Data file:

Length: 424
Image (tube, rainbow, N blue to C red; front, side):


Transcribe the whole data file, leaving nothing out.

Length: 424
Image (tube, rainbow, N blue to C red; front, side):